HUNTSVILLE, Ala. (WHNT) – This morning, a father and son reenacted an important event that happened in Huntsville 50 years ago. It was the moment a father walked his son to school, marking the beginning of integration for Huntsville City Schools.
Those same two people, Dr. Sonnie Hereford III and Sonnie Hereford IV, marked the stroll again.
It was September 9, 1963 when the two walked to Fifth Avenue School. It was a pivotal event for civil rights.
A historic marker is all that remains of the school today. It was torn down in 2003 to make way for UAB's medical campus.
Sonnie Hereford IV is credited with being the first black student enrolled at a public school in Alabama. Three other black children were admitted to other Huntsville schools later that same morning.
The two strolled down the south side of Governors Drive at 8:30 a.m. to mark the anniversary.
At 2:00 p.m., the families of all four students were honored at the dedication to a new exhibit titled "On the Front Lines of History: Huntsville and the Civil Rights Movement."
The ceremony was held on the third floor of the library on Monroe Street. Mayor Tommy Battle, Superintendent Casey Wardynski and State School Board member Mary Scott Hunter and Commissioner Bob Harrison are among the special guests in attendance.
The exhibit traces how Huntsville became the first desegregated public school system in Alabama. It includes a memo from the White House from September 1963 that mentions the successful integration of Huntsville schools.
"Can you see this - if you can see a little red dot, that's Councill High School," explained Dr. Hereford as he took the podium holding up a hand-drawn diagram, pointing out his high school and the shaded area surrounding it on three sides like a horseshoe.
"If you can see the shaded part, that's the city dump...that's the city dump."
"No library," continued Hereford, "no cafeteria, no chemistry lab, no physics lab, no biology lab - and I wanted to be a physician."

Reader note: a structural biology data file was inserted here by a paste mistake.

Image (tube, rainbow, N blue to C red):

Despite being passed up by bus drivers on his 6 mile walk to a school situated among the city's waste, it's unwanted - a physician is exactly what Dr. Sonnie Hereford III became.
Long before he took those fateful steps toward Fifth Avenue School, his 6-year-old son fearlessly clutching his father's hand after they were turned away just days before; unwitting to the significance behind each tiny step. 50 years later the courage in times of challenge and controversy is undeniable.
Huntsville Superintendent Casey Wardynski said the occasion was not only one of celebration but of recommitment.
"This moment began with a young man trying to enter Huntsville City Schools," Wardynski began. "Today our board president and your superintendent are committed to the actions taken on that day which are to ensure every student gets an excellent education. That they do it together as a community just as we live as a community. And that we are going to have to continue to work, because our work is not done," finished the city's top educator.
The sentiment was echoed by Sonnie Hereford IV who said even though we as Americans have come a long way, complacency is the assassin of freedom and equality.
"There are some out there who would take us back. There are some out there who would take us in a backward direction and they don't all wear white robes - some of them wear black robes."
Last Thursday, the Huntsville School Board discussed a proposal to rename new University Place/Terry Heights Elementary building after Dr. Sonnie Hereford III.